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War on terror lets poppies return to Pakistan
Updated: 2005-03-01 21:15

ISLAMABAD - Opium poppy production has resurfaced in Pakistan because security forces have been busy tackling militants linked to the Al-Qaeda network along the Afghan border, a key official said.

Major US ally Pakistan was declared a poppy-free country in 2000 but farmers began cultivating the heroin-producing flowers again in 2002, said Major General Nadeem Ahmed, chief of the army-led Anti-Narcotics Force.

Pakistan needed more international help if it was to win both the war on terror and the war on drugs, Ahmed told reporters at the launch of a report by the United Nations' International Narcotics Control Board.

"After a break of two years there has been some resurgence of poppy crop in Pakistan," he said on Tuesday.

Poppies had sprung up over some 6,700 hectares (16,500 acres) in Pakistan in that time, and while 78 percent had been eradicated another 22 percent remained intact, the general said.

Ongoing counter-terrorist operations in North West Frontier Province, as well as moves to tackle a tribal revolt in southwestern Baluchistan province, had diverted key forces, he added.

"These two issues have hampered our efforts going for full eradication," the anti-drugs chief said.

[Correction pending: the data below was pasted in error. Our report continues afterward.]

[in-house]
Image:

Pakistan used to be one of the world's largest heroin producers -- churning out around 800 tonnes a year in the late 1970s -- until it brought in tough measures to cut its output almost to zero.

However in the wake of the September 11 attacks it was faced with a new problem -- hunting down scores of Al-Qaeda-linked militants believed to have sneaked out of Afghanistan following the fall of the Taliban in late 2001.

It pushed tens of thousands of regular troops into its lawless tribal areas as well as soldiers from the paramilitary Frontier Corps, catching some 700 foreign fighters, according to the government.

This year the Frontier Corps has also been deployed to guard Pakistan's largest gas field and other installations in restive Baluchistan after attacks by tribesmen demanding economic benefits from the province's natural resources.

"If the Frontier Corps is available in both these provinces and they are not committed to internal security tasks then hopefully we will be able to keep it (drugs) well under control," Ahmed said.

However he warned that international efforts led by the United States to stamp out drugs in neighbouring Afghanistan -- now the world's biggest producer of opium -- could backfire on Pakistan.

"Pakistan is likely to see an upsurge in poppy cultivation, reverse flow of labs from Afghanistan into Pakistan and shifting of storage sites," Ahmed said.

Its frontline position meant Pakistan needed more financial and material support from the international community, Ahmed added.

"We are fighting our war as well as the international war on narcotics. We need air, ground mobility and electronic intelligence where international community need to come forward and help Pakistan," he said.

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